During the contracting stage all of the above aspects need to be taken into account. This is necessary to make sure all aspects of the project are well integrated. If that doesn’t happen, risk analysis on the project will show lack of integral approach and it may not be easy to correct that. It will also show when questions of regulators cannot be answered adequately. If a cloud project entails activities in multiple jurisdictions there shall be a different approach of the regulators in each jurisdiction. However, the requirements of regulators have one thing in common: They all relate to the quality of the contracts underlying the project and strategic and integral project execution quality.
Contracting cloud services
The key step when moving to cloud solutions is the selection of your service providers. They must be able to render services in a way that ensures the financial services company is and will remain compliant with all requirements. The service providers must also be willing and able to commit to these specific requirements contractually. This may sound obvious but execution is often not simple. Especially in case of public cloud solutions suppliers cannot simply change contracts and their commitments. After all, the offering is standard and should comply with all requirements as offered in the first place. This means that the supplier contracts must be analyzed in detail to verify if all requirements are being met. And if not, how this can be overcome.
Also contracts arranging the project execution are critical in this respect. Many requirements are too specific to tackle in the contract stage and must be managed during the project. It is important to ensure this is clear and is explicitly managed in the project. The way this is being done must be agreed upon in these contracts. During the project high awareness remains essential in order to ensure project decisions will not cause problems in terms of compliance.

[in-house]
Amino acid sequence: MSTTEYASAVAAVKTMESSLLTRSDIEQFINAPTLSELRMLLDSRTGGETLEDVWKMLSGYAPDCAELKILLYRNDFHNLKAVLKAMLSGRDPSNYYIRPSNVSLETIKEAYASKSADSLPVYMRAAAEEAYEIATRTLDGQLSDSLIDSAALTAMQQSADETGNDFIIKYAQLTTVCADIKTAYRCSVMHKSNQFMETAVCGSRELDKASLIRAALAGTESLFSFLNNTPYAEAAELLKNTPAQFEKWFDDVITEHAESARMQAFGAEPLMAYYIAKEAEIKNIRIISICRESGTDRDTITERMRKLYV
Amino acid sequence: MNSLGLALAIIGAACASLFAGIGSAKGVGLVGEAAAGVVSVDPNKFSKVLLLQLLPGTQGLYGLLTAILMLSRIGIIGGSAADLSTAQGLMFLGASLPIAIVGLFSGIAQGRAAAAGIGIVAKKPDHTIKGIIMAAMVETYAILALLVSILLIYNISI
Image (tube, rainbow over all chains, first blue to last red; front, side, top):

Execution of Projects
During cloud service implementations one must continuously align what happens in the project with what was contractually agreed and guarding the project objectives and project constraints. This relates in particular to:
- User access management to the new systems
- The security setup – including networks to connect to physical workplaces –
- Certain functional choices that may affect the level at which strategic objectives shall be achievable
- Development of an exit strategy.
These choices are not only of vital importance to the implementing organization, they are of vital importance in order to gain and keep approval of regulators. Regulators require notifications and sometimes up-front approval of cloud implementations. The requirements for these notifications and requests for approval are sometimes quite extensive and require a specific approach which may be rather different per regulator, depending on the jurisdiction. It helps if the person writing these notifications and requests has a deep and wide understanding of the project – or has direct access to people who can provide the relevant input and the ability to interpret such input.
Data security and data access